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Contemporary debates about the changing nature of law engage theories of legal pluralism, political economy, social systems, international relations (or regime theory), global constitutionalism, and public international law.
Such debates reveal a variety of emerging responses to distributional issues which arise beyond the Western welfare state and new conceptions of private transnational authority. However, private international law tends to stand aloof, claiming process-based neutrality or the apolitical nature of private law technique and refusing to recognize frontiers beyond than those of the nation-state.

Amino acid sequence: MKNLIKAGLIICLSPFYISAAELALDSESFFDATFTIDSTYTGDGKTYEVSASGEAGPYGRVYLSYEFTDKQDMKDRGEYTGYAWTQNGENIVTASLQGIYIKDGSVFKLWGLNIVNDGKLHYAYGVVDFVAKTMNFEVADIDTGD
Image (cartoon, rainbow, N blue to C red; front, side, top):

The crucial issue now is whether private international law can, or indeed should, survive as a discipline. This volume lays the foundations for a critical approach to private international law in the global era. While the governance of global issues such as health, climate, and finance clearly implicates the law, and particularly international law, its private law dimension is generally invisible.
This book develops the idea that the liberal divide between public and private international law has enabled the unregulated expansion of transnational private power in these various fields. It explores the potential of private international law to reassert a significant governance function in respect of new forms of authority beyond the state. To do so, it must shed a number of assumptions entrenched in the culture of the nation-state, but this will permit the discipline to expand its potential to confront major issues in global governance.